Read the essay


from Longreads https://longreads.com/2017/03/31/london-was-but-is-no-more/

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The Top 5 Longreads of the Week

This week, we’re sharing stories from Peter Waldman, Garrett M. Graff, Rachel Aviv, Catrin Einhorn, Jodi Kantor, andd Eric Boodman.

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1. Inside Alabama’s Auto Jobs Boom: Cheap Wages, Little Training, Crushed Limbs

Peter Waldman | Bloomberg Businessweek | March 24, 2017 | 36 minutes (9,000 words)

A powerful in-depth look at the human costs of bringing auto parts factory jobs to Alabama — with inadequate training for employees and unreasonable expectations for output. “American consumers are not going to want to buy cars stained with the blood of American workers.”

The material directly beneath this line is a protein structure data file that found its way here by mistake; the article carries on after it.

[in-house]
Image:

2. Chasing the Phantom

Garrett M. Graff | Wired | March 21, 2017 | 27 minutes (6,961 words)

The hunt to take down “Slavik,” a notorious Russian hacker who stole millions from U.S. banks and has ties to Russian intelligence.

3. The Trauma of Facing Deportation

Rachel Aviv | The New Yorker | March 28, 2017 | 26 minutes (6,700 words)

Faced with a terrifying past and an uncertain future, young refugees in Sweden are taking to their beds with uppgivenhetssyndrom, or resignation syndrome, “an illness that is said to exist only in Sweden, and only among refugees.”

4. Canadians Adopted Refugee Families for a Year. Then Came ‘Month 13.’